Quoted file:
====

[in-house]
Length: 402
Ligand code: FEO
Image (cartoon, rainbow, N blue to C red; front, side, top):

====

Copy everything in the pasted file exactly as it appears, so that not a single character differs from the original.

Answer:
[in-house]
Length: 402
Ligand code: FEO
Image (cartoon, rainbow, N blue to C red; front, side, top):